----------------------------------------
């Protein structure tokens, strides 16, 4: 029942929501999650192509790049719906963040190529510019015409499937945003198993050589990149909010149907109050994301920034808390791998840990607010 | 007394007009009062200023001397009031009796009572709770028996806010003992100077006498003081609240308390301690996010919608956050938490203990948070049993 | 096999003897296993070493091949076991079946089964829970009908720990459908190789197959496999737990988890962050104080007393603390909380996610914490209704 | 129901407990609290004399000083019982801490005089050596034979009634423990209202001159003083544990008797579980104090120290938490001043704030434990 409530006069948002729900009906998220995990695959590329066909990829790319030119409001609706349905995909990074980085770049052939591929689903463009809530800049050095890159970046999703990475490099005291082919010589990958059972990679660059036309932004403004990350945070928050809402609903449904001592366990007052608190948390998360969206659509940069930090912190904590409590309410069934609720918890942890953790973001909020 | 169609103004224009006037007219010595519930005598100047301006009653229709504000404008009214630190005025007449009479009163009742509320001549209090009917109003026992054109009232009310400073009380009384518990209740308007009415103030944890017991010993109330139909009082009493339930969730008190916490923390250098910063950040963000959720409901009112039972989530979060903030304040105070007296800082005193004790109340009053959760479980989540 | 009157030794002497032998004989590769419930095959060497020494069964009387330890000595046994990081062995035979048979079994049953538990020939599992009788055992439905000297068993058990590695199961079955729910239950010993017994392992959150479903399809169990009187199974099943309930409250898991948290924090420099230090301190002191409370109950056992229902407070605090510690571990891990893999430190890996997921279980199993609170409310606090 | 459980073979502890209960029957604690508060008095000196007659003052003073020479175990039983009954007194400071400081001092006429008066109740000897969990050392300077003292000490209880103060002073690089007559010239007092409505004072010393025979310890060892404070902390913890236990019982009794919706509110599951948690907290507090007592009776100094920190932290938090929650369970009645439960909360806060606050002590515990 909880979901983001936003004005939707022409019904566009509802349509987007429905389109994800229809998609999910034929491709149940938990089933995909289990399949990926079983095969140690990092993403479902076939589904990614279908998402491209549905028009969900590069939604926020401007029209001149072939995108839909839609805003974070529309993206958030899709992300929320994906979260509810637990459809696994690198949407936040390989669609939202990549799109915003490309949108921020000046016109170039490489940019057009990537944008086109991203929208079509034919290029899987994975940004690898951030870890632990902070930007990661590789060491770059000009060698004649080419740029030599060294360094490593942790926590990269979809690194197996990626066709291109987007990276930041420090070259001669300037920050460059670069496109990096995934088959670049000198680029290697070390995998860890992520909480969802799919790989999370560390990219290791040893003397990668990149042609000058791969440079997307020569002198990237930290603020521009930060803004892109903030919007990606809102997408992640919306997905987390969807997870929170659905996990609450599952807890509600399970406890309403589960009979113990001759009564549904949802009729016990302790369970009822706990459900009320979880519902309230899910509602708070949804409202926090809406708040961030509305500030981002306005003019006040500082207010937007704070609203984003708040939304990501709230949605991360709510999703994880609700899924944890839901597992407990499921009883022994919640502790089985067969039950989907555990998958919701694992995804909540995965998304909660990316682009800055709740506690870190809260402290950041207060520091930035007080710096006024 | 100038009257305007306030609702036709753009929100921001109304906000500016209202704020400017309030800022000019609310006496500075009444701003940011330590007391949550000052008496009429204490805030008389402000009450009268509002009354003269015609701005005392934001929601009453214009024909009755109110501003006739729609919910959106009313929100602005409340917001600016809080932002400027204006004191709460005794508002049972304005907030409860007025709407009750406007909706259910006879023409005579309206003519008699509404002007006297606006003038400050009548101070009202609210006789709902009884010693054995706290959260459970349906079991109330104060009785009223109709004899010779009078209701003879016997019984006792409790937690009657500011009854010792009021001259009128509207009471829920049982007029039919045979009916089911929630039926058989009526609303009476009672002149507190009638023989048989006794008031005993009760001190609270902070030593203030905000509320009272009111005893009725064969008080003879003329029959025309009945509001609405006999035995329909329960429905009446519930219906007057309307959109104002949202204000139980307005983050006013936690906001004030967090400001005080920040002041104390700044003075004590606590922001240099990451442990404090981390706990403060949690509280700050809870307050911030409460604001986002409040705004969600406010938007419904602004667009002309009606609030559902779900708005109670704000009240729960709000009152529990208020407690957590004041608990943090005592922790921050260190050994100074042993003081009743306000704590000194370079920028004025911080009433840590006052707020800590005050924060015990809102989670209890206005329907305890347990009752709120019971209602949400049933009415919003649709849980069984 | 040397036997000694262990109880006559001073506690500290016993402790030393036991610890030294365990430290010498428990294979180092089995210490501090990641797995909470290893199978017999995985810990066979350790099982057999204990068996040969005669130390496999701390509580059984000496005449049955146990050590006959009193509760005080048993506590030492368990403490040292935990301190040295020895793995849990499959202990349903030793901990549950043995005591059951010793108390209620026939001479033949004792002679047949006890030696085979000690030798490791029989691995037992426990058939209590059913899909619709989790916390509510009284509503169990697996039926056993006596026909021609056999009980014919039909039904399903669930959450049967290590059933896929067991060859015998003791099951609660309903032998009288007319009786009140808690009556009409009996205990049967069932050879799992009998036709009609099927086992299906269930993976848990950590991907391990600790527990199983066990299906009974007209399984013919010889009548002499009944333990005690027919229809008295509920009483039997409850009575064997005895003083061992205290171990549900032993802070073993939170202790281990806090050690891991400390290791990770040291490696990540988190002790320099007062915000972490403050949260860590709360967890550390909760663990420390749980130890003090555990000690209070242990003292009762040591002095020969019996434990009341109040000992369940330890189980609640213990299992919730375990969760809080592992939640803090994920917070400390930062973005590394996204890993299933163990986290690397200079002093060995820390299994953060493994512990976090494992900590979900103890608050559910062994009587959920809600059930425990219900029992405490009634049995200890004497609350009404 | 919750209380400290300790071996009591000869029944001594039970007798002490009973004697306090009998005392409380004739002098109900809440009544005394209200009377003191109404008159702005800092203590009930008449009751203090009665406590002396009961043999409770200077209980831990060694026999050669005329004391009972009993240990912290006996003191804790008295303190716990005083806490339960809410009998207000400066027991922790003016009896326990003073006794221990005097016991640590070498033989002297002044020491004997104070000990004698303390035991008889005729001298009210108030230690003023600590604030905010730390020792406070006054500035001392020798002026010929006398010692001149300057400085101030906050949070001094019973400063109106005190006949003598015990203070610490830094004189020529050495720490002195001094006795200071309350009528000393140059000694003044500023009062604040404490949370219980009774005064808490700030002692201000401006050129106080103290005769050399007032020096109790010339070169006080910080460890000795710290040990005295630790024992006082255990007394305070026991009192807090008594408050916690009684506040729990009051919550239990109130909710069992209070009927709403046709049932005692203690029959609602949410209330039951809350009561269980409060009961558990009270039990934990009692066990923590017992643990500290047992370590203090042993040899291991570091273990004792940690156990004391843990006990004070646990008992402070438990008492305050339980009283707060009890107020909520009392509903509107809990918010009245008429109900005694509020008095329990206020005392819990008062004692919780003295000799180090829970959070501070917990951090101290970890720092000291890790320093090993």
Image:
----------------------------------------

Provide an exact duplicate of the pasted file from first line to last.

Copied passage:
């Protein structure tokens, strides 16, 4: 029942929501999650192509790049719906963040190529510019015409499937945003198993050589990149909010149907109050994301920034808390791998840990607010 | 007394007009009062200023001397009031009796009572709770028996806010003992100077006498003081609240308390301690996010919608956050938490203990948070049993 | 096999003897296993070493091949076991079946089964829970009908720990459908190789197959496999737990988890962050104080007393603390909380996610914490209704 | 129901407990609290004399000083019982801490005089050596034979009634423990209202001159003083544990008797579980104090120290938490001043704030434990 409530006069948002729900009906998220995990695959590329066909990829790319030119409001609706349905995909990074980085770049052939591929689903463009809530800049050095890159970046999703990475490099005291082919010589990958059972990679660059036309932004403004990350945070928050809402609903449904001592366990007052608190948390998360969206659509940069930090912190904590409590309410069934609720918890942890953790973001909020 | 169609103004224009006037007219010595519930005598100047301006009653229709504000404008009214630190005025007449009479009163009742509320001549209090009917109003026992054109009232009310400073009380009384518990209740308007009415103030944890017991010993109330139909009082009493339930969730008190916490923390250098910063950040963000959720409901009112039972989530979060903030304040105070007296800082005193004790109340009053959760479980989540 | 009157030794002497032998004989590769419930095959060497020494069964009387330890000595046994990081062995035979048979079994049953538990020939599992009788055992439905000297068993058990590695199961079955729910239950010993017994392992959150479903399809169990009187199974099943309930409250898991948290924090420099230090301190002191409370109950056992229902407070605090510690571990891990893999430190890996997921279980199993609170409310606090 | 459980073979502890209960029957604690508060008095000196007659003052003073020479175990039983009954007194400071400081001092006429008066109740000897969990050392300077003292000490209880103060002073690089007559010239007092409505004072010393025979310890060892404070902390913890236990019982009794919706509110599951948690907290507090007592009776100094920190932290938090929650369970009645439960909360806060606050002590515990 909880979901983001936003004005939707022409019904566009509802349509987007429905389109994800229809998609999910034929491709149940938990089933995909289990399949990926079983095969140690990092993403479902076939589904990614279908998402491209549905028009969900590069939604926020401007029209001149072939995108839909839609805003974070529309993206958030899709992300929320994906979260509810637990459809696994690198949407936040390989669609939202990549799109915003490309949108921020000046016109170039490489940019057009990537944008086109991203929208079509034919290029899987994975940004690898951030870890632990902070930007990661590789060491770059000009060698004649080419740029030599060294360094490593942790926590990269979809690194197996990626066709291109987007990276930041420090070259001669300037920050460059670069496109990096995934088959670049000198680029290697070390995998860890992520909480969802799919790989999370560390990219290791040893003397990668990149042609000058791969440079997307020569002198990237930290603020521009930060803004892109903030919007990606809102997408992640919306997905987390969807997870929170659905996990609450599952807890509600399970406890309403589960009979113990001759009564549904949802009729016990302790369970009822706990459900009320979880519902309230899910509602708070949804409202926090809406708040961030509305500030981002306005003019006040500082207010937007704070609203984003708040939304990501709230949605991360709510999703994880609700899924944890839901597992407990499921009883022994919640502790089985067969039950989907555990998958919701694992995804909540995965998304909660990316682009800055709740506690870190809260402290950041207060520091930035007080710096006024 | 100038009257305007306030609702036709753009929100921001109304906000500016209202704020400017309030800022000019609310006496500075009444701003940011330590007391949550000052008496009429204490805030008389402000009450009268509002009354003269015609701005005392934001929601009453214009024909009755109110501003006739729609919910959106009313929100602005409340917001600016809080932002400027204006004191709460005794508002049972304005907030409860007025709407009750406007909706259910006879023409005579309206003519008699509404002007006297606006003038400050009548101070009202609210006789709902009884010693054995706290959260459970349906079991109330104060009785009223109709004899010779009078209701003879016997019984006792409790937690009657500011009854010792009021001259009128509207009471829920049982007029039919045979009916089911929630039926058989009526609303009476009672002149507190009638023989048989006794008031005993009760001190609270902070030593203030905000509320009272009111005893009725064969008080003879003329029959025309009945509001609405006999035995329909329960429905009446519930219906007057309307959109104002949202204000139980307005983050006013936690906001004030967090400001005080920040002041104390700044003075004590606590922001240099990451442990404090981390706990403060949690509280700050809870307050911030409460604001986002409040705004969600406010938007419904602004667009002309009606609030559902779900708005109670704000009240729960709000009152529990208020407690957590004041608990943090005592922790921050260190050994100074042993003081009743306000704590000194370079920028004025911080009433840590006052707020800590005050924060015990809102989670209890206005329907305890347990009752709120019971209602949400049933009415919003649709849980069984 | 040397036997000694262990109880006559001073506690500290016993402790030393036991610890030294365990430290010498428990294979180092089995210490501090990641797995909470290893199978017999995985810990066979350790099982057999204990068996040969005669130390496999701390509580059984000496005449049955146990050590006959009193509760005080048993506590030492368990403490040292935990301190040295020895793995849990499959202990349903030793901990549950043995005591059951010793108390209620026939001479033949004792002679047949006890030696085979000690030798490791029989691995037992426990058939209590059913899909619709989790916390509510009284509503169990697996039926056993006596026909021609056999009980014919039909039904399903669930959450049967290590059933896929067991060859015998003791099951609660309903032998009288007319009786009140808690009556009409009996205990049967069932050879799992009998036709009609099927086992299906269930993976848990950590991907391990600790527990199983066990299906009974007209399984013919010889009548002499009944333990005690027919229809008295509920009483039997409850009575064997005895003083061992205290171990549900032993802070073993939170202790281990806090050690891991400390290791990770040291490696990540988190002790320099007062915000972490403050949260860590709360967890550390909760663990420390749980130890003090555990000690209070242990003292009762040591002095020969019996434990009341109040000992369940330890189980609640213990299992919730375990969760809080592992939640803090994920917070400390930062973005590394996204890993299933163990986290690397200079002093060995820390299994953060493994512990976090494992900590979900103890608050559910062994009587959920809600059930425990219900029992405490009634049995200890004497609350009404 | 919750209380400290300790071996009591000869029944001594039970007798002490009973004697306090009998005392409380004739002098109900809440009544005394209200009377003191109404008159702005800092203590009930008449009751203090009665406590002396009961043999409770200077209980831990060694026999050669005329004391009972009993240990912290006996003191804790008295303190716990005083806490339960809410009998207000400066027991922790003016009896326990003073006794221990005097016991640590070498033989002297002044020491004997104070000990004698303390035991008889005729001298009210108030230690003023600590604030905010730390020792406070006054500035001392020798002026010929006398010692001149300057400085101030906050949070001094019973400063109106005190006949003598015990203070610490830094004189020529050495720490002195001094006795200071309350009528000393140059000694003044500023009062604040404490949370219980009774005064808490700030002692201000401006050129106080103290005769050399007032020096109790010339070169006080910080460890000795710290040990005295630790024992006082255990007394305070026991009192807090008594408050916690009684506040729990009051919550239990109130909710069992209070009927709403046709049932005692203690029959609602949410209330039951809350009561269980409060009961558990009270039990934990009692066990923590017992643990500290047992370590203090042993040899291991570091273990004792940690156990004391843990006990004070646990008992402070438990008492305050339980009283707060009890107020909520009392509903509107809990918010009245008429109900005694509020008095329990206020005392819990008062004692919780003295000799180090829970959070501070917990951090101290970890720092000291890790320093090993």
Image: